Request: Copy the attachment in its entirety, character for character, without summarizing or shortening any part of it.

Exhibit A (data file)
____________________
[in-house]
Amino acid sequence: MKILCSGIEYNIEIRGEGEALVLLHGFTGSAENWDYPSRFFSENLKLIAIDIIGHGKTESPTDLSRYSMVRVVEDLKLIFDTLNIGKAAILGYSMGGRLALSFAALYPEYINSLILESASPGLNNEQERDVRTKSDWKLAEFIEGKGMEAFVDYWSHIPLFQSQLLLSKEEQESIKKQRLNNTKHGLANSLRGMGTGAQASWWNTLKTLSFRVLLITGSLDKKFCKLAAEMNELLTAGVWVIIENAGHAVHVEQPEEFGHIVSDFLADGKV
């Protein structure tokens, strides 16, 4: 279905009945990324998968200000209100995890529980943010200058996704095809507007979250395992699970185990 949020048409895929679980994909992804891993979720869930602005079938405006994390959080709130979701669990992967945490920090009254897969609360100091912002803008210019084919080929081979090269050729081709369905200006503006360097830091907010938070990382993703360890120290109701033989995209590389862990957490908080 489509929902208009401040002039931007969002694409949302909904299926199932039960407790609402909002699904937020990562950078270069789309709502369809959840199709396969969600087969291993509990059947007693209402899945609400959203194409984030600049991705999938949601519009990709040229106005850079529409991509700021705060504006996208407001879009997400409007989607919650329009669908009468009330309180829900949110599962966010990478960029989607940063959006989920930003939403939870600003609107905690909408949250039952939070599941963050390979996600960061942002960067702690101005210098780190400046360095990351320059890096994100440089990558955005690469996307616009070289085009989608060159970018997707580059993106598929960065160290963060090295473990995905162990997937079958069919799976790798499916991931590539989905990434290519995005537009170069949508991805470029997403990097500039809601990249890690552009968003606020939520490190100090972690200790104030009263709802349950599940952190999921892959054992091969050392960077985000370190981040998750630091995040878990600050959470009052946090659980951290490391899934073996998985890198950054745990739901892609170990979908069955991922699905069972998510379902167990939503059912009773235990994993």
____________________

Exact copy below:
[in-house]
Amino acid sequence: MKILCSGIEYNIEIRGEGEALVLLHGFTGSAENWDYPSRFFSENLKLIAIDIIGHGKTESPTDLSRYSMVRVVEDLKLIFDTLNIGKAAILGYSMGGRLALSFAALYPEYINSLILESASPGLNNEQERDVRTKSDWKLAEFIEGKGMEAFVDYWSHIPLFQSQLLLSKEEQESIKKQRLNNTKHGLANSLRGMGTGAQASWWNTLKTLSFRVLLITGSLDKKFCKLAAEMNELLTAGVWVIIENAGHAVHVEQPEEFGHIVSDFLADGKV
């Protein structure tokens, strides 16, 4: 279905009945990324998968200000209100995890529980943010200058996704095809507007979250395992699970185990 949020048409895929679980994909992804891993979720869930602005079938405006994390959080709130979701669990992967945490920090009254897969609360100091912002803008210019084919080929081979090269050729081709369905200006503006360097830091907010938070990382993703360890120290109701033989995209590389862990957490908080 489509929902208009401040002039931007969002694409949302909904299926199932039960407790609402909002699904937020990562950078270069789309709502369809959840199709396969969600087969291993509990059947007693209402899945609400959203194409984030600049991705999938949601519009990709040229106005850079529409991509700021705060504006996208407001879009997400409007989607919650329009669908009468009330309180829900949110599962966010990478960029989607940063959006989920930003939403939870600003609107905690909408949250039952939070599941963050390979996600960061942002960067702690101005210098780190400046360095990351320059890096994100440089990558955005690469996307616009070289085009989608060159970018997707580059993106598929960065160290963060090295473990995905162990997937079958069919799976790798499916991931590539989905990434290519995005537009170069949508991805470029997403990097500039809601990249890690552009968003606020939520490190100090972690200790104030009263709802349950599940952190999921892959054992091969050392960077985000370190981040998750630091995040878990600050959470009052946090659980951290490391899934073996998985890198950054745990739901892609170990979908069955991922699905069972998510379902167990939503059912009773235990994993």